Tuesday, April 5, 2011

Press Release: W. David Powell at VCAM/RETN, burlington

208 Flynn Ave, Suite 2G
Burlington, VT 05401
Sunday-Friday 10am - 10pm, Sat 10am - 5pm

Everything Must Go 2.0
March 4th - May 31st

'Everything Must Go 2.0' is a retrospective of work by W. David Powell, the artist responsible for the iconic logo "Eat a Peach" (The Allman Brothers Band). The exhibit includes paintings, drawings, prints, collages, computer generated work and mixed media pieces, spanning the 40+ year career of this artist who is now an Associate Professor at SUNY Plattsburgh. This show presents the rare opportunity to see first hand, a wide sampling of David's work and to understand the many influences and sensibilities by which it was inspired. Nevertheless, the work always was and remains original and fresh.

artist statement: Everything Must Go 2.0

W. David Powell

As an artist showing work from many different phases of a varied career, I am challenged to write coherently about a body of work that has assumed many various forms, from traditional painting and collage, to digital works, as well as works that are hybrids of both old and new methods of working. I can talk about influences, but they are so diverse and varied that they add no clarity to the visual diversity that the work presents to the viewer. A laundry list of artists I admire must include Marcel Duchamp, Max Ernst, Ed “Big Daddy” Roth, Ed Ruscha, and Andy Warhol. Talking about Ed “Big Daddy” Roth in the same sentence with Max Ernst accurately reflects two strong influences on my work, but what are the connections between the two? That one influenced me in Junior High and the other much later, is perhaps of no consequence, though the cut-and-paste sensibilities of the latter would be more easily traced through the work. What is it then that I have found to admire in these artists that also runs through my work in all its variety? I think that with Roth it was the sheer freedom of expression and his ability to let his imagination run free, whether he was working in airbrush on sweatshirts or building outrageous free-form hot-rods. With Ernst it is his free association and the notion of putting images together from disparate sources to create new meanings that I find most intriguing. These are the qualities of these artists I admire and hope can be seen throughout my work. The pop sensibilities of Ruscha and Warhol, in their distinctively West and East coast variations, are also important in informing my own sensibility about not making distinctions about high art and low art, but drawing from all sources with a disregard for labels. Both Ernst and Warhol gave permission to appropriate images for my own ends without guilt. This becomes increasingly important in more recent work, both in digital montage and old-school, cut-and-paste collage.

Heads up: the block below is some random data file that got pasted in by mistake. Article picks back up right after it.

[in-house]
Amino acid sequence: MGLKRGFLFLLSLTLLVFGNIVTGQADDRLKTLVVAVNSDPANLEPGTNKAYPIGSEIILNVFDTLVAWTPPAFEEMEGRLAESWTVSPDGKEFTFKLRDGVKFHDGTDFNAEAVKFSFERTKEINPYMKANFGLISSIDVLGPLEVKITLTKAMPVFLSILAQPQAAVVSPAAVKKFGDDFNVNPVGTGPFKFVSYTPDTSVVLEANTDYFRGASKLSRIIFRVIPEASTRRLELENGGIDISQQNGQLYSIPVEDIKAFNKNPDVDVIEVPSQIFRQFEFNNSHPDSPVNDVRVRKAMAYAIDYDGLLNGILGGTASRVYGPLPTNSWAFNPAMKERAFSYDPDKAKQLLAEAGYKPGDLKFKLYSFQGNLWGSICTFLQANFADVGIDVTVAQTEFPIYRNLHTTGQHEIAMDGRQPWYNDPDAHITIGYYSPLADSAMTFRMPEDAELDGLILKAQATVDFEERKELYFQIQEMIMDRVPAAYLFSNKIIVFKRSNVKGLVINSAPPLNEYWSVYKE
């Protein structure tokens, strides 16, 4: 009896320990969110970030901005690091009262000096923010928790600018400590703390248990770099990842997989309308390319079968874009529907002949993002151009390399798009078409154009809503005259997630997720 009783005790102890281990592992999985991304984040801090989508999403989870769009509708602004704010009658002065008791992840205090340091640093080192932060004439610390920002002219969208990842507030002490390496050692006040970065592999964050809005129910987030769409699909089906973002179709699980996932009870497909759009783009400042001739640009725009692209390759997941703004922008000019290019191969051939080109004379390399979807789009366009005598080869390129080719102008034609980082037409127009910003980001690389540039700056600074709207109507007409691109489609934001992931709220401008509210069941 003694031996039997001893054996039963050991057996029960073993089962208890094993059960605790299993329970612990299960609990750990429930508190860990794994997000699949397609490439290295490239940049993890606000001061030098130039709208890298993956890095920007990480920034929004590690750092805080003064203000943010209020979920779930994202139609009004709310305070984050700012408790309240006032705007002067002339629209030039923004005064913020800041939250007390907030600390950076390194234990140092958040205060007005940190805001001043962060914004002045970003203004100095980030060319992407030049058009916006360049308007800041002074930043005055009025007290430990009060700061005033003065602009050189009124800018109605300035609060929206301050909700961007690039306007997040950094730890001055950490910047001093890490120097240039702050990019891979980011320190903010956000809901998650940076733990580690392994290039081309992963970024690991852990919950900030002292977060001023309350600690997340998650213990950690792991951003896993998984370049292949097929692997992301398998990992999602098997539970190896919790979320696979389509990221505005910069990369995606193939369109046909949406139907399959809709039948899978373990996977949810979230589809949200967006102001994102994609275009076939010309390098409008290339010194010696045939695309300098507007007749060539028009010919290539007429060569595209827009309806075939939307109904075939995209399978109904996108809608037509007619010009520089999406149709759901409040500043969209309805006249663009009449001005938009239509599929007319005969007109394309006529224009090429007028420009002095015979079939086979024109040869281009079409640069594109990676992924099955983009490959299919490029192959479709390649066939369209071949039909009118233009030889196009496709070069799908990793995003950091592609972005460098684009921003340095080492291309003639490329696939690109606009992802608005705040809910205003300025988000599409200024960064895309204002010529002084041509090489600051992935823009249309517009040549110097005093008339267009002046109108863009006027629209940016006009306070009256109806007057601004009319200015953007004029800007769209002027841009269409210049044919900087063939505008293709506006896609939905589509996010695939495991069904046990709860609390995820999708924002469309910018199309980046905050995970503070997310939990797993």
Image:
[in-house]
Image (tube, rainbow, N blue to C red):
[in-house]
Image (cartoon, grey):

I continue to make art that investigates a place where I cannot go through a formal or rational approach to working. I can only go there through a curious combination of image research, assembly and arrangement that owes more to my imagination and ability to free associate on a page or panel, than to any historical movement or personality. I am compelled to continue this quest and follow it where it leads, looking neither forward nor backward, but living in the moment of making.